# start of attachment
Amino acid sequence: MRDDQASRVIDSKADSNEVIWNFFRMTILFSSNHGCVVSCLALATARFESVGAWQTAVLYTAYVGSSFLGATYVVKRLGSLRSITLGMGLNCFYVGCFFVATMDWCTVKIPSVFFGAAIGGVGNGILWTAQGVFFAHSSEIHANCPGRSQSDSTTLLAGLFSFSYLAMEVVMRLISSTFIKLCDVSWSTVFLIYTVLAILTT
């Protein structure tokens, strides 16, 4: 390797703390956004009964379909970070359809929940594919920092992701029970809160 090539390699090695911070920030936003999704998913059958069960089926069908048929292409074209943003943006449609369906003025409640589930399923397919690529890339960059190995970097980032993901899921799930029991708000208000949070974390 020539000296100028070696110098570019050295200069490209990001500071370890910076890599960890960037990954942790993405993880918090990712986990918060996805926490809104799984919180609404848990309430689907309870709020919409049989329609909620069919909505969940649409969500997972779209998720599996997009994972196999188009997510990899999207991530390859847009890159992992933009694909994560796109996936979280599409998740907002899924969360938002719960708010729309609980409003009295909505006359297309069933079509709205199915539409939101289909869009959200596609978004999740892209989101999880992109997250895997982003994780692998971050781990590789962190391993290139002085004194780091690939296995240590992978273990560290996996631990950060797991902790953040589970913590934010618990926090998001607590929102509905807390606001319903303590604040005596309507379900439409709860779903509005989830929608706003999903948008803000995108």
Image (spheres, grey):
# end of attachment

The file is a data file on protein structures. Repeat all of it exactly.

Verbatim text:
Amino acid sequence: MRDDQASRVIDSKADSNEVIWNFFRMTILFSSNHGCVVSCLALATARFESVGAWQTAVLYTAYVGSSFLGATYVVKRLGSLRSITLGMGLNCFYVGCFFVATMDWCTVKIPSVFFGAAIGGVGNGILWTAQGVFFAHSSEIHANCPGRSQSDSTTLLAGLFSFSYLAMEVVMRLISSTFIKLCDVSWSTVFLIYTVLAILTT
């Protein structure tokens, strides 16, 4: 390797703390956004009964379909970070359809929940594919920092992701029970809160 090539390699090695911070920030936003999704998913059958069960089926069908048929292409074209943003943006449609369906003025409640589930399923397919690529890339960059190995970097980032993901899921799930029991708000208000949070974390 020539000296100028070696110098570019050295200069490209990001500071370890910076890599960890960037990954942790993405993880918090990712986990918060996805926490809104799984919180609404848990309430689907309870709020919409049989329609909620069919909505969940649409969500997972779209998720599996997009994972196999188009997510990899999207991530390859847009890159992992933009694909994560796109996936979280599409998740907002899924969360938002719960708010729309609980409003009295909505006359297309069933079509709205199915539409939101289909869009959200596609978004999740892209989101999880992109997250895997982003994780692998971050781990590789962190391993290139002085004194780091690939296995240590992978273990560290996996631990950060797991902790953040589970913590934010618990926090998001607590929102509905807390606001319903303590604040005596309507379900439409709860779903509005989830929608706003999903948008803000995108």
Image (spheres, grey):